The Fed and the Depression

Ben Bernanke defies the common Keynesian position:

It was in large part to improve the management of banking panics that the Federal Reserve was created in 1913. However, as Friedman and Schwartz discuss in some detail, in the early 1930s the Federal Reserve did not serve that function. The problem within the Fed was largely doctrinal: Fed officials appeared to subscribe to Treasury Secretary Andrew Mellon’s infamous ‘liquidationist’ thesis, that weeding out “weak” banks was a harsh but necessary prerequisite to the recovery of the banking system. Moreover, most of the failing banks were small banks (as opposed to what we would now call money-center banks) and not members of the Federal Reserve System. Thus the Fed saw no particular need to try to stem the panics. At the same time, the large banks – which would have intervened before the founding of the Fed – felt that protecting their smaller brethren was no longer their responsibility. Indeed, since the large banks felt confident that the Fed would protect them if necessary, the weeding out of small competitors was a positive good, from their point of view. In short, according to Friedman and Schwartz, because of institutional changes and misguided doctrines, the banking panics of the Great Contraction were much more severe and widespread than would have normally occurred during a downturn. …

Let me end my talk by abusing slightly my status as an official representative of the Federal Reserve. I would like to say to Milton and Anna: Regarding the Great Depression. You’re right, we did it. We’re very sorry. But thanks to you, we won’t do it again.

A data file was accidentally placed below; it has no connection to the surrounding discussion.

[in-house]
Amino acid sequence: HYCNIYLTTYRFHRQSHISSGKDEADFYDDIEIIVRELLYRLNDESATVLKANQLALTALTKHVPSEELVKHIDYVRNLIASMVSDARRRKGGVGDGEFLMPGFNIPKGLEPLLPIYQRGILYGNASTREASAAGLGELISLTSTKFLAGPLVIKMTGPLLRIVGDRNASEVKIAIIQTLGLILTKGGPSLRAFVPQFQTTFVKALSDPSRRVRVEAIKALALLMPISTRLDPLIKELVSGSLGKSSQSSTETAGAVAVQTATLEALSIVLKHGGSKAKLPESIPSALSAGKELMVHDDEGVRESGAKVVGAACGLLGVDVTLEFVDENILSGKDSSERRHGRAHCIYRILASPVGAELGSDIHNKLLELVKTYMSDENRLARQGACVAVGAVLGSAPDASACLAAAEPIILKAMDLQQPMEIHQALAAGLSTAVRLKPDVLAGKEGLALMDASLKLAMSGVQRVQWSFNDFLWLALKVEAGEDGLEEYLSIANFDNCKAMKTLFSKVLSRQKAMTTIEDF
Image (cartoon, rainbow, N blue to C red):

This jocular statement has never gotten the widespread attention it deserves, even if the current Fed Chairman errantly attributes this demonstration of Fed responsibility to the famous monetarist when it was actually the Austrian economist Murray Rothbard who first made the conclusive case in his 1963 book America’s Great Depression. It’s interesting, however, to see how Bernanke is, despite his promise, following the same general model that his predecessors did. I’ll have more detailed analysis of this in a future Voxonomics to see just how closely the Fed is imitating history, but needless to say, this doesn’t bode terribly well for the future.

I have to say, I’m really impressed with this timely step by WorldNetDaily, even though I knew nothing about it. If I understand my principles of socionomics, this is a definite bear sign as a broadening interest in technical analysis usually indicates volatility and a down market.